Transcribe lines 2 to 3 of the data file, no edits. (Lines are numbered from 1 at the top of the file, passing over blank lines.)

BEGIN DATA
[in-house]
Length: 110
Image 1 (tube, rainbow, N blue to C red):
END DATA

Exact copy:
Length: 110
Image 1 (tube, rainbow, N blue to C red):